Another prevalent kind of simple closed curve is a
circle. Circles are geometric figures whose
points all lie the same distance
from a given
point, the circle's center. They are not
polygons, because they are not made up of
segments. Points that lie in the
same line, like those in a
segment, are never
equidistant (an equal distance) from a single
point.

Circles are quite unlike any other geometric figure, so circles are governed by
a unique set of geometric rules. In the following lessons, these rules will be
laid out, but not expanded upon. We'll lay the foundation for studying the
angles within a circle, as well as those
outside a circle by defining certain characteristics of circles like arcs,
chords, diameters, radii, and central angles. Then we'll
discuss geometric figures that lie largely outside of a circle, like tangent
lines and secant lines. Finally the relationship between circles and
polygons will be explored.

The following lessons are an attempt to introduce some of the basic concepts
that concern circles--it is not a complete study of the relevance of circles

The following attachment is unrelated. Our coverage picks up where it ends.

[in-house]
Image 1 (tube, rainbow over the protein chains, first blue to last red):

to geometry. These lessons will provide definitions and a few important
characteristics. In the Geometry 2 SparkNotes, we'll focus
more closely on solving for unknown parts and will explore in full the
characteristics of circles and their related geometric figures. Circles,
unlike polygons, actually do occur naturally in the world quite often. Most
situations that involve rotation involve circles and/or circular movement.
Rotation situations include reeling in a fishing line, driving in a vehicle with
wheels, and the spinning of the Earth. Even as you step out onto the street in
front of your house and turn around 360
degrees,
you become the center of a circle. A car parked fifty feet in front of you and
a tree standing fifty feet behind you are points on the same circle. Because
circles represent equidistance, they become a very prevalent shape in our world.
Here's a brief introduction to circles, their characteristics, and some of the
rules by which they are governed.